Hormonal Contraceptives and the Risk of Inflammatory Bowel Disease

Pavankumar Kamat


October 29, 2021


  • Longer exposure to combined oral contraceptive pills (COCPs), but not to progestogen-only pills (POPs), was associated with an increased risk of Crohn's disease (CD).

  • Exposure to COCPs and POPs was associated with a moderate increase in the risk of ulcerative colitis (UC).

  • No association was seen between the use of parenteral progestogen-only contraception and inflammatory bowel disease (IBD).

Why this matters

  • Findings shed light on the potential biological mechanisms involved in the pathogenesis of IBD, emphasising the significance of future studies focusing on specific exogenous sex hormones.

Study design

  • This nested case-control study used data from the IQVIA Medical Research Database.

  • 2231 and 2701 incident cases of CD and UC were matched with 13,279 and 16,061 control participants, respectively.

  • The association between various types of contraceptives and the risk of IBD was evaluated.

  • Funding: Charles Wolfson Charitable Trust and others.

Key results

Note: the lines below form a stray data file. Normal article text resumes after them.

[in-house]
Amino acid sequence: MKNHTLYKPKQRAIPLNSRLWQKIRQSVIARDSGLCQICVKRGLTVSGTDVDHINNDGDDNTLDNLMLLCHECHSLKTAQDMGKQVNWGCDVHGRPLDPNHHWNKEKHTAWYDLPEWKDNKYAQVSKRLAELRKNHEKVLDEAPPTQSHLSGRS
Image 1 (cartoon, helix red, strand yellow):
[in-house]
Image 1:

• Use of COCPs was associated with a higher risk of (adjusted OR [aOR]; 95% CI):

    • CD (1.60; 1.41-1.82); and

    • UC (1.30; 1.15-1.45).

  • Compared with non-users, each additional month per year of COCP exposure increased the risk of CD by 6.4% (95% CI, 5.1-7.7%) and the risk of UC by 3.3% (2.1-4.4%%).

  • Use of POPs was not associated with a higher risk of CD (aOR, 1.09; 95% CI, 0.84-1.40) but a modest association was seen with UC (aOR, 1.35; 95% Cl, 1.12-1.64).

  • Parenteral progestogen-only contraception was not linked to an increased risk of (aOR; 95% CI):

    • CD (1.15; 0.99-1.47); and

    • UC (1.17; 0.98-1.39).


  • Potential misclassification of contraceptive exposure.


Pasvol TJ, Bloom S, Segal AW, Rait G, Horsfall L. Use of contraceptives and risk of inflammatory bowel disease: A nested case-control study. Aliment Pharmacol Ther. 2021 Oct 18 [Epub ahead of print]. doi: 10.1111/apt.16647. PMID: 34662440  View abstract 

This clinical summary originally appeared on Univadis, part of the Medscape Professional Network.


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